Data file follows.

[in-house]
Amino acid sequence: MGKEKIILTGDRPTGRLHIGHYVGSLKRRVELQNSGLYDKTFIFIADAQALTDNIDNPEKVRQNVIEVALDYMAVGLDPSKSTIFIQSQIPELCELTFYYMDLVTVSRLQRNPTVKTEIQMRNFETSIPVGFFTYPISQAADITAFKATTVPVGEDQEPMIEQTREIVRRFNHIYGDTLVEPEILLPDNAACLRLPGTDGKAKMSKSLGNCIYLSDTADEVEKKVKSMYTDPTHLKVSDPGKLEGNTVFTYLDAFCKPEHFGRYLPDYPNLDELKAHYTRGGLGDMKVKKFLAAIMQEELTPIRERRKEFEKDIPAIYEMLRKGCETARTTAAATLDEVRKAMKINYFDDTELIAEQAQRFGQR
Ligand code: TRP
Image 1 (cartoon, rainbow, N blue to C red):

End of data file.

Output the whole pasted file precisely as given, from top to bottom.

[in-house]
Amino acid sequence: MGKEKIILTGDRPTGRLHIGHYVGSLKRRVELQNSGLYDKTFIFIADAQALTDNIDNPEKVRQNVIEVALDYMAVGLDPSKSTIFIQSQIPELCELTFYYMDLVTVSRLQRNPTVKTEIQMRNFETSIPVGFFTYPISQAADITAFKATTVPVGEDQEPMIEQTREIVRRFNHIYGDTLVEPEILLPDNAACLRLPGTDGKAKMSKSLGNCIYLSDTADEVEKKVKSMYTDPTHLKVSDPGKLEGNTVFTYLDAFCKPEHFGRYLPDYPNLDELKAHYTRGGLGDMKVKKFLAAIMQEELTPIRERRKEFEKDIPAIYEMLRKGCETARTTAAATLDEVRKAMKINYFDDTELIAEQAQRFGQR
Ligand code: TRP
Image 1 (cartoon, rainbow, N blue to C red):